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Rangelands: Breeding worm-resistant goats
Worm resistance explained including how to choose bucks to breed worm-resistant goats.
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Resistance to worms: Goats that are resistant to worms can prevent some or all worms from establishing and as a result have lower worm burdens and therefore lower worm egg counts.
Resilience to worms: Goats that are resilient to worms can grow and produce with less ill effects from worms despite carrying a worm burden. An animal’s performance for a particular trait, such as growth, will also be dictated by its genetic merit for that trait. So, when comparing two animals with similar Estimated Breeding Values (EBVs) for growth, a more resilient animal will perform better than a less resilient animal when both have high worm burdens. Resilience is independent of worm resistance so must be selected separately by choosing better production performance.
If you regularly score individual goat eye colour as part of your barber’s pole worm management, you can select for resilience to barber’s pole worm by choosing animals with darker eye colour scores as they are likely to carry fewer worms and require fewer drenches for barber's pole worm.
Worm egg counts of bucks need to be measured; the herd should be run and managed together so that their results can be compared.
Worm Egg Count Estimated Breeding Value (WEC EBV). Choose the WEC EBV age that corresponds to the time of most worm-challenge on your property, e.g. weaning (WWEC), post-weaning (PWEC), yearling (YWEC).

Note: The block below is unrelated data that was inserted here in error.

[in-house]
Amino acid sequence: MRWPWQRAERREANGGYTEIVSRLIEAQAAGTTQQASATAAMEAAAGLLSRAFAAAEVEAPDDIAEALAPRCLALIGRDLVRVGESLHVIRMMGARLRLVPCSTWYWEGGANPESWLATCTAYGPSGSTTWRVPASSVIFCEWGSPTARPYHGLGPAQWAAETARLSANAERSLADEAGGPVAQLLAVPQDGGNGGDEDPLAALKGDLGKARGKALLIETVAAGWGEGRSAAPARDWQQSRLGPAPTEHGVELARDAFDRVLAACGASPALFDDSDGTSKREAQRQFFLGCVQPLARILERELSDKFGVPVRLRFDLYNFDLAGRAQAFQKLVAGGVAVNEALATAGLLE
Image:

Worm resistant goats will reduce the level of worm contamination on pastures.
A goat’s resistance to worms directly affects the number of worms it carries. In more resistant goats (those with lower WEC EBV), the worm egg count will be lower, fewer eggs will be passed into the dung and onto the pasture. In more worm-resistant goats:
Dag resulting from scour worms is not an indicator that the goats are less resistant to worms.
The propensity to scour has a substantial genetic component that is independent of both resistance and resilience to worms. Only fibre goats will show dags, but meat and dairy goats can display soiling of their hindquarters and under their tails, but these effects do not last long and are not available as EBVs for goats.
The average worm egg count of Buck A’s progeny were about 40% lower than the average WEC of Buck B’s progeny.
The difference between the bucks themselves is 80%, but because the progeny gain only half of their genes from their sire and the other half comes from their dam, only half the difference between the bucks is expected in this case (as the does were all equal).
In simple terms, Buck A is likely to have 80% less worm eggs himself at any time than Buck B if they were managed and run together. As only half of his genes are passed on, only half (on average) of the additional level of resistance is passed on; in this case, 40%.
If Buck A’s progeny averaged about 1000 epg, then Buck B’s progeny will be about 40% higher: about 1400 epg.
Note: This is a simplistic mathematical explanation of the impact of using bucks with different WEC EBV. Actual differences used in developing EBV are calculated in a more complex manner.
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